gender, address them by their first and last name, as in “Dear Pat Smith,” to avoid an embarrassing mistake. If you
don’t know the name of the hiring manager, simply use the greeting “Dear Hiring Manager,”– it’s clear, to the point,
and gender neutral.
Get to the point in your opening paragraph:
One of the most common interviewing questions employers ask is “Why should I hire you among other
candidates?” Provide an answer to that question right off the bat in your opening paragraph. This is a very
important section because it is the first thing the employer will read. It must be powerful and make an immediate
impact. Be sure sell yourself and your unique abilities. Do not use a generic opening paragraph that can apply to
any Tom, Dick or Harry.
Every line should sell you, so use aggressive language here and throughout the rest of your cover letter. For
example, instead of writing “My background is in finance management, making me well-suited for your advertised
Corporate Finance Director position.” you can write “A background in finance management and a proven record of
developing effective strategies that drive revenue, growth and shareholder value make me a strong candidate for
your advertised Corporate Finance Director position.”
Show your interest and sell your accomplishments in the body of the letter:
In this section, you need to show your interest in the job and the company. Research is a key ingredient to a
successful job search. The more you are able to demonstrate your interest and knowledge about a company, the
better your chances are to secure an interview. Get to know the company’s mission and new corporate initiatives,
and tell them how you can help them meet their objectives or resolve their problems. Praise the company for public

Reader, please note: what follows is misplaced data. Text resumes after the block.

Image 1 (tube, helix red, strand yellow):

recognitions or recent accomplishments. The employer will surely take notice of your active interest.
Use “I” and “my” sparingly. Try not to use these words more than six times in your cover letter. You need to focus
on what you will bring to the company and how you will help them improve their profitability. Too much use of the
word “I” will also make your letter look elementary and poorly written.
For executive-level candidates and professionals with substantial achievements, a bullet point format is often the
most effective and efficient way to highlight accomplishments. If you fall into this category, be sure to keep the
bullet point statements unique and fresh. Do not copy and paste the exact same phrases from the resume as it will
make you look lazy. All sentences and achievements transferred from the resume should be rephrased.
Close your letter with a strong paragraph:
In the closing paragraph, you need to address several issues. At the very least, you need to ask for the interview
and provide contact information. This is also the ideal place to mention your salary requirements (if the employer
insists on it), or your desire to relocate.
To demonstrate your drive and interest, mention that you will call within a week to follow up. This is a great way to
ensure the resume was successfully received, and it creates an opportunity to establish a dialog. However, do not
mention this in your cover letter if you do not intend to follow up.
In summation, an aggressive and dynamic cover letter will help you stand out among the competition. Remember
that the goal is to market yourself – not to compose a dull biography.